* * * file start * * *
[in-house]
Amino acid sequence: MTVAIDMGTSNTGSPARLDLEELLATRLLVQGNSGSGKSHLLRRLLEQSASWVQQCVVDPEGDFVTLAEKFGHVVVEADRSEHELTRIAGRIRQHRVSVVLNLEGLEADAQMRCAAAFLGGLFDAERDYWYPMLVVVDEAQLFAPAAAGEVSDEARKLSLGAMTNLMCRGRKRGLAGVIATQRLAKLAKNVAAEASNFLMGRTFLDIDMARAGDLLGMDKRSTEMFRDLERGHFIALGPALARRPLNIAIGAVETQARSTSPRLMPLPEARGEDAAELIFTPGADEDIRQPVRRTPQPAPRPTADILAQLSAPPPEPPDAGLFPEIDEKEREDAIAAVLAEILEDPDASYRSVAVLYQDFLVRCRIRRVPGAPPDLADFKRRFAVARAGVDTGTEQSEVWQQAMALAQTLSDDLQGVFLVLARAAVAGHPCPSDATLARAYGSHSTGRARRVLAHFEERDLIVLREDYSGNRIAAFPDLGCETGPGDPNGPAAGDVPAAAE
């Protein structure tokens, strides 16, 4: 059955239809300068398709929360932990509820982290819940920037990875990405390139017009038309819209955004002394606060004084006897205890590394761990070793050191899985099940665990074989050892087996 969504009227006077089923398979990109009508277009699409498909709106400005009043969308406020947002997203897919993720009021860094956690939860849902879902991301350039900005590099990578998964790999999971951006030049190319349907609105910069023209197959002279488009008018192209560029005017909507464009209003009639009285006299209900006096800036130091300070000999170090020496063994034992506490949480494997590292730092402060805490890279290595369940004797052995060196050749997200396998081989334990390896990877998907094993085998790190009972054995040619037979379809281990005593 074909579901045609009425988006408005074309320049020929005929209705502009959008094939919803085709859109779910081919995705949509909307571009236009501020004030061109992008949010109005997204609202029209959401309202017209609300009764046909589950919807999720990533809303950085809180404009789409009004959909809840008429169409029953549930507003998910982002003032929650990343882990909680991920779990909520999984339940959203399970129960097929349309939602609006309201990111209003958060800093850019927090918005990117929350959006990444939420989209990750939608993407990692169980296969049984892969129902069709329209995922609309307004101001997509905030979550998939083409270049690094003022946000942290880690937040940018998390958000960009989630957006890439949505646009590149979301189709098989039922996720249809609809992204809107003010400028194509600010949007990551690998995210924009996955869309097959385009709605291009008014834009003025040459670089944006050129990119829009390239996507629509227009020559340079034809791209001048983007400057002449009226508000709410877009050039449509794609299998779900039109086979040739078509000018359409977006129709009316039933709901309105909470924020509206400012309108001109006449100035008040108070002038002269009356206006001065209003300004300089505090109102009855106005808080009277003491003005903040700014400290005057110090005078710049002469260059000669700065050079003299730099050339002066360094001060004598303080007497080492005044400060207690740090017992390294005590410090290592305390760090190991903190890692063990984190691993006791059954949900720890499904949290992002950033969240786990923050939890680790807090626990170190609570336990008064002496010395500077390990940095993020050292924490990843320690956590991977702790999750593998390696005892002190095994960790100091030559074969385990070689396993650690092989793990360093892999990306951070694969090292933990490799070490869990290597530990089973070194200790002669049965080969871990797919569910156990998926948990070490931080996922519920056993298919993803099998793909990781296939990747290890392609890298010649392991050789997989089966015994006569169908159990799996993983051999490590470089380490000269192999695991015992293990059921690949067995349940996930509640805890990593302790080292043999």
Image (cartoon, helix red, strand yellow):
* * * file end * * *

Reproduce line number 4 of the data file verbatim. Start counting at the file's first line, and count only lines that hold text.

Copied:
Image (cartoon, helix red, strand yellow):